Condé Nast Launches New Pandemic-Specific Data Offering
International magazine publisher Condé Nast has launched a new first-party data offering specific to the coronavirus pandemic. Advertisers can target three consumer categories based on Condé Nast data: ‘Now’ (those who are shopping through the pandemic), ‘New’ (those who are trying new brands during the pandemic) and ‘Next’ (those who will be quickest to resume spending as businesses reopen.
UK Broadcasters Unite for Guidelines on Resuming TV Production
ITV, BBC, Sky, Channel 4, Channel 5, STV, ITN, the Association for Commercial Broadcasters and On-Demand Services (COBA) and Pact have joined forces to introduce new industry wide guidelines for producing television safely in the weeks and months ahead, as production resumes. The contributors say the guidance covers the broad range and scale of all TV programme making in every genre for TV.
Essence Goes Through Round of Layoffs and Furloughs
WPP-owned agency Essence went through a round of furloughs and layoffs in its North American offices last week, as well as cutting pay and hours for a number of its remaining employees. “All companies are being affected by the pandemic in some way and unfortunately the current situation requires us to make further adjustments across our business,” said an Essence spokesperson.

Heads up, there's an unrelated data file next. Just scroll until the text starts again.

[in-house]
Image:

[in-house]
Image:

COVID-19 Could Cost Ad-Funded Entertainment Industry $137 Billion Over Next Five Years
The COVID-19 pandemic could cost the global ad-funded entertainment industry over $137 billion in lost growth over the next five years according to research from Ampere Analysis, a media analyst firm. The entertainment industry as a whole, including paid services, is projected to lose over $160 billion due to the outbreak. Read more on VAN.
IPG Reopens Some International Offices
Interpublic Group has begun reopening some of its international offices, in locations including New Zealand, Sri Lanka, China, Singapore, and in parts of Europe. But CEO Michael Roth maintains that the company will not be rushing back in all locations, and will take a cautious approach to reopening offices.